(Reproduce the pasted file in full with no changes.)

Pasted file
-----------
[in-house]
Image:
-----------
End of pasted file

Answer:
[in-house]
Image: